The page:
or…How I Learned to Stop Worrying and Love the LSAT (Part 1 of 3)
The LSAT is all bark and no bite. Yes, I know it seems scary and difficult, but it’s not that tough. It’s a test of illogic. Treat it like a gullible younger brother who believes the unjustified claims of every TV commercial he sees on Nickelodeon.
The LSAT is the child whose mind has been made into mush by years of Saturday morning cartoons. He wants breakfast cereals, action figures, and video games. He just doesn’t realize the commercials’ evidence (appeals to authority, popularity, emotion, etc.) rarely justifies the conclusion (their product or service is worth your $ and will make you happy).
In this post, I’ll share how you can turn the tables on the LSAT’s Logic Games (Analytical Reasoning) section. I also show you how to ace Logical Reasoning and Reading Comprehension.
Logic Games aren’t much different from crossword puzzles and sudoku. In fact, they’re easier. Why? Because they’re incredibly predictable, and you already know everything you need to solve them.
You can also predict what will happen within games.
The following is based on PrepTest 41, Game 2 (you don’t need the actual game right now) and…
The 1973 movie “The Sting” (because I like old movies).
1. The Players:
Night’s All Right, Question Man, Rhino Rock, Sammy (NQRS) playing Flute, Guitar, Harmonica, Keyboard (FGHK)
2. The Set-Up:
The rule regarding the placement of RKN, combined with the conditional rules (Sk –> Rh and Qk –> Nf), tells us it’s worth it to create 4 templates representing ALL of the game’s possibilities.
3. The Hook:
Most games start with a general acceptability question: “Which one of the following could be an accurate matching” / ordering / grouping of the variables?
4. The Tale:
“Which one of the following could be true?” In other games, we might have an “if” question: “If S is placed 4th, which one of the following could be true?
5. The Wire:
The game has a few more questions of these types, possibly with a “cannot be true” or
“except” question thrown in (more on this below).
6. The Shut-Out:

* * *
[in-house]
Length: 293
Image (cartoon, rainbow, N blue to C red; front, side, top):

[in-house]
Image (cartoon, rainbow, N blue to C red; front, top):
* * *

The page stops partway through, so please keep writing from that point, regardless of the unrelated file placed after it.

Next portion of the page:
Occasionally, we’ll have a harder question towards the end: “Which one of the following, if true, would allow us to completely determine the ordering / grouping of the variables?” These often require drawing a few scenarios. We don’t have one of these in this game.
7. The Sting:
Acing the Logic Games section is like pulling off a con. And it ends with you getting into law school!
These are the only types of questions you’re likely to see in Logic Games. Do enough of them, and you’ll have no surprises on test day.
Before I end this post, 2 more tips:
1. Ordering within questions
As you read answer choices from “A” to “E,” letters are often listed in alphabetical (or reverse alphabetical) order.
2. Immediately precedes and immediately follows
PrepTest 41, Game 2, Question 10 contains these 5 choices:
A) immediately precedes Q
B) immediately follows Q
C) immediately precedes R
D) immediately follows N
E) immediately follows S
The LSAT is trying to annoy you to death here, just like a younger brother might. There’s a deliberate lack of a useful pattern here: precedes, follows, precedes, follows, follows.
While you can learn to love the LSAT for its childish habits, don’t let that stop you from giving it a wedgie or half-Nelson when Mom isn’t looking.
We can symbolize the answer choices like so, starting with the 2 “precedes” choices and moving on to the 3 “follows” choices:
A) immediately precedes Q – FQ
B) immediately follows Q – QF
C) immediately precedes R – FR
D) immediately follows N – NF
E) immediately follows S – SF
Now, you can quickly scan through the 4 templates you created earlier (in “The Set-Up”).
The LSAT didn’t really expect you to waste your time reading through the choices over and over, did it?